|August 2011 · Vol. 23, No. 8
External genital warts: diagnosis and burden of disease
Barbara Dehn, RN, MS, NP
Nurse Practitioner, Women’s Physicians ObGyn Medical Group, Mountain View, CA
Nurse Dehn is a consultant to Hologic, Inc, Ortho-McNeil-Janssen Pharmaceuticals, Inc, and Graceway Pharmaceuticals, LLC; she is a speaker for Bayer HealthCare Pharmaceuticals, Genentech, Roche, Cord Blood Registry, and Abbott Labs; and she is a vendor for Cord Blood Registry.
External genital warts (EGW) are caused by the human papillomavirus (HPV), a highly contagious sexually transmitted infection (STI). HPV infects the basal epithelium via microabrasions and tissue disruption of genital skin/mucosa or oral mucosa.1,2 EGW are only one manifestation of HPV infection; HPV DNA may also integrate into the host genome and may lead to malignant transformation. New clinical practice guidelines from the Centers for Disease Control and Prevention (CDC), Sexually Transmitted Diseases Treatment Guidelines, 2010, provide information and recommendations on EGW.3
TYPES OF HPV
More than 100 types of HPV have been identified to date, with about 40 types infecting the anogenital tract.3 The types are categorized as high or low risk, based on oncogenic potential for causing cervical cancer. The types of HPV that cause EGW are not the same as those that can cause cervical cancer.4
Worldwide, HPV types 16 and 18 are responsible for most cervical cancer and are also associated with other anogenital cancers, including vulvar, vaginal, penile, and anal, as well as some oropharyngeal cancers. HPV types 6 and 11 are nononcogenic, and these low-risk types are the cause of 90% of EGW.3 Tests for HPV types are available but are indicated only for women who are undergoing cervical cancer screening.3
In most cases, HPV infection is asymptomatic, with the immune system rendering HPV undetectable within 2 years.4 HPV infection is highly prevalent, with more than 50% of sexually active people becoming infected at least once (TABLE).4 When oncogenic HPV types persist and do not resolve despite the host’s immune response, an environment for cancer development is created. Co-infection with low- and high-risk types is also possible. Multitype infection increases the risk of persistent infection and acquisition of other HPV types, as well as cytologic abnormalities.
Anogenital HPV is the most common sexually transmitted infection in the United States.
Prevalence of HPV is estimated at 20 million.
An estimated 6 million people are newly infected each year.
About half of all sexually active adults have HPV at some point in their life.
More than 500,000 new cases of EGW are diagnosed annually in the United States.
The incidence of EGW increases every year.
CLINICAL FEATURES OF EGW
The differential diagnosis of EGW includes a number of other conditions, including condyloma lata, molluscum contagiosum, lichen nitidus, seborrheic keratosis, benign and dysplastic nevi, verrucous carcinoma, and micropapillomatosis labialis. The typical appearance of EGW is cauliflower-like, but they may be flat, papular, keratotic with a thick and horny layer, or frond-like (FIGURE). EGW may develop on the vulva, groin, perineum, or perianal skin. They may be asymptomatic, or they may cause anogenital pruritus, burning, and/or dyspareunia. EGW may develop at multiple sites in some patients.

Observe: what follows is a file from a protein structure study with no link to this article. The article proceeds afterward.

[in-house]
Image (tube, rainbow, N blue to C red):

DIAGNOSIS OF EGW
The diagnosis of EGW is mainly accomplished by visual inspection. A biopsy is needed only if the patient is immunocompromised; the diagnosis is unclear; there is a sudden recent growth of lesion(s); or if the EGW are pigmented, indurated, fixed, ulcerated, or bleeding. An acetowhite test for EGW has a low positive predictive value, and the new CDC guidelines recommend against using it for diagnosis.
IMPLICATIONS OF EGW
HPV is communicated through genital contact, usually during vaginal or anal sex, but can also be passed through oral sex. Many, if not most, infected people do not realize they are infected, and therefore, the infection can be passed on to a sex partner without their knowledge. Further complicating this is the long incubation from infection to appearance of symptoms, which can range from 3 weeks to 8 months.
The psychosocial impact of EGW is considerable. It can include anger, depression, and shame. Many patients feel there is a stigma associated with an STI, and this often has a negative impact on their relationships and sexual activity and enjoyment. There may be dyspareunia and fear of transmitting the disease to a partner, as well as fear of the possibility of the HPV infection progressing to cancer.
More than 500,000 new cases of EGW are diagnosed annually in the United States, with the rate increasing every year. EGW cause a substantial psychosocial burden in addition to the clinical burden.
1. Hsueh PR. Human papillomavirus, genital warts, and vaccines. J Microbiol Immunol Infect. 2009; 42(2):101–106.
2. Grm HS, Bergant M, Banks L. Human papilloma-virus infection, cancer & therapy. Indian J Med Res. 2009;130(3):277–285.
3. Workowski KA, Berman S. Centers for Disease Control and Prevention. Sexually transmitted diseases treatment guidelines, 2010. MMWR Recomm Rep. 2010;59(RR-12):1–110.
4. CDC. Genital HPV Infection—Fact Sheet. Available at: www.cdc.gov/std/HPV/STDFactHPV.htm#common. Accessed March 18, 2011.
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